Attack on Pak base debunks govt claims

Primepost News Desk

In the Muslim world, Friday is both a day of prayer and death. An unprecedented rise in militant activity, ethnic strife and internecine wars in the Middle East has made Friday congregations in mosques favourite targets for gunmen and suicide bombers. Worshippers are virtually sitting ducks when insurgents attack them. The Friday assault on a mosque on the outskirts of Peshawar in Pakistan was one of them.

It was as deadly as it was brazen for two reasons: One, gunmen claiming to be Pakistan Taliban stormed the mosque inside a sprawling air force base and sprayed morning worshippers with bullets, killing at least 20 and injuring several others. Two, it exposed the hollowness of Pak claims that their military complexes were well safeguarded and impenetrable to the enemy.

According to reports, an unknown number of Taliban fighters had attacked the guardroom first before zeroing in on the mosque. Thirteen of the attackers were reportedly killed in a firefight lasting several hours with regular Pak Army troops. It was not known if anyone had escaped or how many were involved in the operation at Badaber base.

Set up in the 1960s, it was mostly used by Americans for surveillance against the Soviets in Afghanistan and later to help Afghan tribes to fight occupational forces and for air raids on Afghan Taliban bases. Now, Pak air force officials say, it is mostly a civilian area populated by air force staff from Peshawar, the capital of Khyber Pakhtunkhwa province, formerly known as North-West Frontier Province (NWFP), bordering the tribal area of North Waziristan, which is a militant beehive.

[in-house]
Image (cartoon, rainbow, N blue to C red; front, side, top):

For over a year, the Pakistan Air Force has been targeting insurgent hideouts there and elsewhere in an offensive that is estimated to have killed more than 3,000 militants. They also have close links with Afghan Taliban and often they are said to coordinate their operations against civilians and government forces in both Afghanistan and Pakistan.

Claiming responsibility, Pakistani Taliban spokesman Muhammad Khurasani said a “suicidal unit” had carried out the attack, the first on a military target since a Pakistan Navy ship was attacked in Karachi’s dockyard in September last year. Also, it is the bloodiest since last December’s massacre of 150 pupils and teachers at Peshawar’s Army Public School. It is believed that the attackers might have been helped by some insiders at the air force base.

The attack shows, once again, who is Pakistan’s real enemy. The country faces threats to its survival not from outside but from within.

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